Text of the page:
Here's the skinny: I still like Cap, I still like Chris Evans, and I hated this movie. I hated this film for what it was compared to what it wasn't or what it could have been. In fact, I hate it so deeply on that level that I don't believe I will be watching any more Marvel films for the foreseeable future.
There may be spoilers in this review, but not in the traditional sense. "Spoilers" should be something revelatory, like "Rosebud is a sled!" or "The narrator is actually the murderer!" In my opinion, telling you that Cap is not a traitor should not be considered a spoiler. If you watch this film and at any time begin to actually entertain the idea that Cap might be a traitor, you're watching the wrong movie. Also, you're a super-hero idiot.
So that's my first, and most important, complaint: that the story is built around a huge fault line. The story involves the evil organization HYDRA trying to take over SHIELD. This is a fine idea for a story. However, the minute that the film tries to suggest that the heroes are part of the conspiracy, and actually want (expect?) you to consider it....? Now they're *making* the wrong film. It boils down to this, people: between Captain America, Black Widow, and Nick Fury on one side and a big-name politician and bureaucrat on the other, is it *really* a mystery as to who the traitors are? Riiiiiiiight.
However, we all know that a movie with a stupid plot can still "pass" on the "large" scale if it succeeds at all its "little" scenes. So let's move past the inanity of the basic plot to look at my second complaint: the inanities of the overall script. A few examples:
As mentioned above, HYDRA has infiltrated SHIELD, setting up what you might expect as a nifty spy vs. spy scenario, right? Nope. Once it is hinted that SHIELD has been compromised, we get scenes of police officers destroying civilians' cars, SHIELD agents shooting up downtown Washington, and SHIELD agents trying to arrest/kill Black Widow and Captain America. In only *one* scene do we get even an inkling that the whole place is not a cauldron of HYDRA spies. So if you're working for an international spy agency and you don't notice that it is infested with traitors committing wanton acts of destruction, you probably need to be in another line of work. Or threaten the writers to write you a better script. SHIELD is absolutely incompetent in this film, which doesn't make me want to watch the TV series or any more Marvel films...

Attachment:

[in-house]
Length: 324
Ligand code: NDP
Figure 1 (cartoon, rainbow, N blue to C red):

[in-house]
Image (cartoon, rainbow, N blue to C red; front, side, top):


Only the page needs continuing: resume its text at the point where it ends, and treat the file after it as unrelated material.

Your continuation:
The Falcon (Anthony Mackie) is introduced as a trained military flier, with his own nifty jet-pack and wings. Personable and visually appealing, he's a great addition to the story. However, in his big action scene he is told to fly to one of the rogue hovercraft carriers and switch out some software to re-program the laser guidance system. You would expect him to fly in covertly, as stealthily as he could, and get the job done, maybe meeting up with some HYDRA agents and having an aerial fight of some kind as he attempted to get away. You would be wrong. He flies into the sky to draw as much attention and gun-fire as he possibly can, *then* tries to find the software portal. I guess this was supposed to be "cool," but all I could think was "one stray bullet and bye-bye Falcon!" Besides, most of this "action" featured computer graphics, so what was the point? This isn't drama, this is a computer game.